Mobile PC magazine has drawn up a very US-centric list of the top-100 gadgets of all time. You can find the lsit here
I decided to vet the list and put in comments for or against as necessary:
1/ Apple PowerBook 100 – this set the design for a range of laptops that still are design icons of mobile computing, look carefully at the clipart and stock photos used in many business brochures.
4/ Motorola StarTac – yes this was a style icon, but was everybody seems to forget was that the connections in the hinge used to go before the warranty expired, the aerial snapped off in your pocket and they looked like Quasimodo with the bulbous ‘long-life’ batteries you had to put on them to get semi-decent talk time.
7/ US Robotics Pilot 1000 – despite a naming dispute with Pilot pens, many people still call PDAs Palm Pilots, the impact of the 1000 is the reason why. The Newton kicked the door to digital data on-the-go in, but it was US Robotics/Palm that ran through it
12/ Apple iPod – nice idea, shame about the dead batteries and the easy scratch case. My iPod sits dormant in the back of my kitchen draw as much use as a 200GBP paperweight
18/ Motorola 8000 cell phone – the first cell phone I used was a Motorola and came in a ballistic nylon luggable satchel weighing about as much as a small car battery. Then I got hold of an 8000, it was brilliant you could hold in your hand, tuck it under your chin whilst driving and it was so robust
19/ IBM Thinkpad 701c – I had an Apple PowerBook 165c in college and a Swedish guy on my course had one of these Thinkpads. Despite the fact that it ran Windows, the keyboard and the nipple were cool as fcuk. IBM got rid of this key layout and nobody copied it, so I suspect that it had reliability issues. The list managed to miss off Think Outside’s Stowaway foldable keyboard for the Palm which was a QWERTY revolution
21/ Cartier Santos watch – the first wrist watch. Without this the watch could not have become the style icon it is today as we would still be wearing waist coats and carrying pocket watches
31/ Trek thumb drive – so you want to walk off with a bunch of files thanks to devices like the Trek thumb drive employee intellectual property theft has never been easier
39/ Apple Newton – set the standard in handwriting recognition and functions and PDAs that others followed the Newton was just a little too early. Despite bad media reports, the intrinsic quality of the devices means that 11 years later there is still a thriving underground community catering for the Newton. Unfortunately Apple has cast all the intellectual property aside and let it go fallow.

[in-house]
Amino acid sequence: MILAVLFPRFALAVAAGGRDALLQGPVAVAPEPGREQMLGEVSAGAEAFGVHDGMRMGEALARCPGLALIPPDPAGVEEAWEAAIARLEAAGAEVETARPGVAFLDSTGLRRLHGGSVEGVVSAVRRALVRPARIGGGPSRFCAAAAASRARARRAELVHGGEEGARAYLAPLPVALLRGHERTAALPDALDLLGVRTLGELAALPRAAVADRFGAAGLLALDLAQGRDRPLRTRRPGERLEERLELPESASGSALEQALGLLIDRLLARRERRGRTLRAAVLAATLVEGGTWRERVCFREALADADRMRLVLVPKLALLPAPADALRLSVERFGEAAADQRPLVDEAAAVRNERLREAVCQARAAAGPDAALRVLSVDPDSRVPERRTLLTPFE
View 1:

46/ Speak and Spell – bleeding edge for the time, many voice synthesis products have yet to equal the robotic tones of the speak and spell. Unfortunately UK lemon manufacturer Austin Rover tried to incorporate Speak and Spell like intelligence into their Maestro car, winding up the unfortunate customers to breaking point
50/ Whilst my Etch-a-Sketch kept me entertained as a kid, I can never remember drawing anything that did look anything other than a complete Jackson Pollock
52/ Sony CFS-5000 ghetto-blaster. Whilst the ghetto blaster was an icon of the late 1970s and 1980s, it was the big-ass silver and chrome models by the likes of Sharp that were the most desirable. This Sony model is just plain lame.
68/ Nokia 6100 series. An iconic mobile phone that felt great in the hand, had a great menu system and was designed with love. (If you popped off the removable face the plastic moulding protecting the ear piece had an artfully cut grinning face cut into to it like the stencilised image of an Eastern European puppet.) This was the killer ‘candy bar’ shaped phone, however I was surprised the Nokia 2110 didn’t make the list.
89/ Rubiks cube – a puzzle for dweebs and misfits that briefly swept the world in the 1980s and spawned countless imitations. It also taught 80s designers that black would go with the most garish of colours.
98/ The pez dispenser – this is the sweet dispenser that launched eBay. The auction site was originally developed to allow a guys girlfriend to trade Pez dispensers. Its very American, I guess it must make up for the fact that they don’t have heritage like ‘old Europe’.